This post by Brenda Do, www.BLCopywriting.com
Never Place and Ad Without These 4 Elements
Yesterday, I was flipping through a magazine, getting progressively annoyed with each page. Not because of the contents. But because of how most of the ads were a waste of money.
Some of the ads looked like photocopies of the company’s business card. Others were barely a step up from that.
I’m sure you know what I’m talking about. You’ve probably ignored them on the back of event publications, national magazines, phone books—everywhere.
Tell me, if you saw a CPA’s business card in a stack of other cards, would that compel you to call them for a consultation?
If you saw a salon’s business card amongst the bills and other ads in your mailbox, would you suddenly drop your stylist and go to the salon advertised?
I’m betting it’s a big fat no on both questions.
And that’s how a sizeable chunk of the magazine’s readers are reacting too. That’s why those ads were a waste of money. Even if the business made a few bucks, imagine how much more they could have made if they had a decent ad.
So what convinced bright business people like you to place such an ad? It’s likely because the ad sales guy was trained to say something like this:
The typical ad sales call
Sales guy: “You can be in front of __ (big number) potential customers who all trust the ___ (publication name) brand. These are all people in your target demographic. And it’ll only cost you $___ to be in front of them all month long.
Business owner: “Well, that sounds good, but I don’t know how to design an ad.”
Sales guy: “No problem. We have our own in-house designers who do this every day for businesses like yours. Or just look at what the other companies in your industry are doing, and make yours look like that.”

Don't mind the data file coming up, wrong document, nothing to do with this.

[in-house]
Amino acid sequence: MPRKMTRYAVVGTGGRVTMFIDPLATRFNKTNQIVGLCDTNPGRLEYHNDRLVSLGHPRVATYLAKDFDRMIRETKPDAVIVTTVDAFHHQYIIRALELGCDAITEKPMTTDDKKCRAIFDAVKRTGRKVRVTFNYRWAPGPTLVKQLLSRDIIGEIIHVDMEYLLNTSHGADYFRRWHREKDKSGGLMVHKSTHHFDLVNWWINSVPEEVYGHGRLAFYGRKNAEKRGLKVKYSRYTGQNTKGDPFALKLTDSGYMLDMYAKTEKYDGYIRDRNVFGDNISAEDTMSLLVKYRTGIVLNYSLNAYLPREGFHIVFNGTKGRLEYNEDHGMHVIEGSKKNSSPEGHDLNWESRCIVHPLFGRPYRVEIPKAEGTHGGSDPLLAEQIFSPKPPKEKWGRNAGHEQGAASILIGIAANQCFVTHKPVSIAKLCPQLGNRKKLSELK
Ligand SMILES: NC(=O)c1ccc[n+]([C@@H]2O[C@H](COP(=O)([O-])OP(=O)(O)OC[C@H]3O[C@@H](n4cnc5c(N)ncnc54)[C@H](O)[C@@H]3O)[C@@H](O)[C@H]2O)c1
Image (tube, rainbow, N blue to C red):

That’s when the business owner unknowingly lightens his wallet for nothing.
Don’t fall for ad templates
In most cases, those in-house designers don’t know your business and they don’t care to. You’ll know they don’t care when the only questions they ask about your business are contact information and your offer. They won’t find out what makes your business unique, your business’s personality, or anything.
Their job is to churn out ads quickly. You may sell roller skates, but your ad could look similar to a financial planner’s.
Just take a look at the phone book. Pick any profession then check out the ads. You’ll see they all look similar: the same colors, the same talking points, and nearly the same layout.
If you look like your competitor and sound like your competitor, how will the prospect know to choose you? They won’t.
Later, if you report the ad didn’t work, the sales guy will tell you it’s because you need more repetition. It has nothing to do with the ad itself.
Then your wallet lightens again…
So how do you write effective ads that get people’s attention?
Four elements of an effective space ad
1. Start with a kick butt headline
In small space ads, use headlines that are benefit driven or attention getting. Or if your unique selling proposition is an effective selling point, use that in the headline.
- Bold the headline
- Use a larger font size than the copy
- Make the headline in all CAPS (this lowers readability)
- Include your company name in the headline unless people buy based on your name